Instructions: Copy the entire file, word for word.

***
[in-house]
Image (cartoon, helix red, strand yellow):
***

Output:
[in-house]
Image (cartoon, helix red, strand yellow):